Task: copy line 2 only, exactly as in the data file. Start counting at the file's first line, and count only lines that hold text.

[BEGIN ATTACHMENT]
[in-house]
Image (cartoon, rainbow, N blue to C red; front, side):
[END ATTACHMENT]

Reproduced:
Image (cartoon, rainbow, N blue to C red; front, side):